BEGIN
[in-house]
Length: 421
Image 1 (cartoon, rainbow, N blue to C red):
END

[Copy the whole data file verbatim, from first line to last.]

[in-house]
Length: 421
Image 1 (cartoon, rainbow, N blue to C red):